Siemens is well-recognized as a leader in factory automation and machine learning projects and tools are in abundance for design, realization, and optimization of equipment that efficiently manufactures products around the world. I wanted to learn more about how we bring computer vision technology together with AI to benefit factory equipment design. So, I sat down with Shahar Zuler, a data scientist and machine learning engineer at Siemens Digital Industries Software to discuss her work. Listen to the podcast here. But, for those that prefer reading versus listening, here is the transcript from that podcast:
[00:00:00] Thomas Dewey: Hello, and welcome to AI Spectrum where we discuss an entire range of artificial intelligence topics. I’m Thomas Dewey, your host. And in this series, we’re talking to experts across Siemens that apply AI technology to their products. Today, we are happy to have with us Shahar Zuler, who is a Data Scientist and Machine Learning Engineer at Siemens, to discuss object recognition in factories. Welcome, Shahar.
[00:00:24] Shahar Zuler: Hi, thank you. I’m very excited to be here.
[00:00:29] Thomas Dewey: So, before we get into your projects, if you could tell us what inspired your personal interest in AI?
[00:00:34] Shahar Zuler: Sure. I did my BS in Mechanical Engineering. I was working at the same time that I did my studies, and in the fourth year of university, almost by chance, I participated in a course about the most basic parts of Machine Learning. For the first time I found a subject which I was really, really interested in, in a way that I wanted to read more about it and have my side projects on that. And by that time, I was already working as a Mechanical Engineer and I understood that this wasn’t that interesting for me when I compared it to this field of Machine Learning. So, I decided to do a twist and focus more on Machine Learning and really switched my domain. It was, I think, a great decision for me because now I deal with Machine Learning, I really enjoy the work every day. Actually, there was, in this course, one specific video that the professor showed that really brought me into the subject of Machine Learning. He was showing research about a bunch of robots that were designed in the shape of some animals, but no one actually programmed them to know how to do anything. So, for example, they had one robo-spider, that’s like a robot in the shape of a spider, but no one actually coded it on how to progress. And what they did, they used a branch in Machine Learning which is called reinforcement learning, to actually train this robot by trial and error to understand how to walk by itself. So, you can see it slowly progressing and trying different stuff until it succeeds to walk. And that really caught me, I mean, I really thought at this moment that this is the most interesting stuff I had in university until that moment, and I think that was the moment when I really decided I should focus on it.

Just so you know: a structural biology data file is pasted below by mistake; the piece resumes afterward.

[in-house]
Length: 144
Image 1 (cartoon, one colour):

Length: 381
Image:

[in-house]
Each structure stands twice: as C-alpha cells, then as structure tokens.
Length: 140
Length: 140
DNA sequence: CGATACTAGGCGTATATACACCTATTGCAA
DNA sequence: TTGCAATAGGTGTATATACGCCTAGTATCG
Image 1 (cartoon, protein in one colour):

[00:02:35] Thomas Dewey: Well, that’s great – almost accidentally, while you were in school. I’ve actually seen that video more in the context of not using programmable languages for AI but letting the machine learn. The robot angle probably got you interested in the industry and factories. So, how do you see the effects of AI for the industrial industry playing out?
[00:02:58] Shahar Zuler: Generally, we can see there is big progress in Machine Learning algorithms, and specifically in vision-based Machine Learning algorithms during the last years. So, the technology actually matures more and more and you can see that stuff which was only for academia a few years ago is slowly going into the industry. The technology itself, the algorithms themselves, just become better and better constantly.
Another thing is that industrial edge devices or really strong compute power machines are cheaper and stronger. So, in order to run both training and use it later on just for inferencing – just making the decision at the moment of test time – you need strong machines for that. They used to cost a lot of money and they used to be a lot weaker, but today they are stronger and stronger, and really more affordable. And also when you look at sensors, such as spatial cameras, which have also the depth channel input in them or other types of sensors, they are becoming more and more affordable too. So, actually, you can take your shop floor, your factory, and your robotic line and just put many sensors in it very easily, and you can use the data captured from these sensors as input into the Machine Learning model and then make all sorts of decisions.